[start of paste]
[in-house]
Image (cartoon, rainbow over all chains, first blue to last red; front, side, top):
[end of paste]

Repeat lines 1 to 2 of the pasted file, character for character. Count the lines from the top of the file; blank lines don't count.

[in-house]
Image (cartoon, rainbow over all chains, first blue to last red; front, side, top):